Institutional Pathways to Racial Integration in Non-Dominant Organizations

Chen, Josh, Sociology - Graduate School of Arts and Sciences, University of Virginia
Reed, Isaac, AS-Sociology, University of Virginia
Vickerman, Milton, AS-Sociology, University of Virginia
Pendergrass, Sabrina, AS-Inst-Afri-Am & African Stud, University of Virginia

Even when racially diversified, American organizations remain dominated by whites. The color line regularly reasserts itself through racialized structures and social patterns. Many academics therefore argue that racial integration does not work. However, this argument has two limitations. Theoretically, the argument conflates integration with desegregation. Most diverse institutions are integrated in principle but desegregated in practice. Whereas desegregation dismantles racial barriers to entry, it leaves existing structures unchanged. Integration, by contrast, makes changes that facilitate the structural inclusion of people of color. Empirically, the majority of research is drawn from studies of predominantly white organizations. Theories of colorblind racism show how such organizations can be expected to sustain white hegemony. By contrast, I analyze two years worth of ethnographic, interview, and survey data from two organizations where whites are not dominant: a church in the inner city and a residential college at an elite university. Drawing on theories of race, social recognition, and organizational diversity, I present a model of integration which articulates how different institutional pathways result in different equality outcomes as measured through the inclusion of people of color.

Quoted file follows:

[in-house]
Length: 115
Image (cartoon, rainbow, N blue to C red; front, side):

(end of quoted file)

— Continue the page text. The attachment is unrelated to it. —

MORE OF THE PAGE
PHD (Doctor of Philosophy)
integration, diversity, race, racial, organization, institution, ethnography, church, college, pathway, vulnerability, tolerance, inclusion
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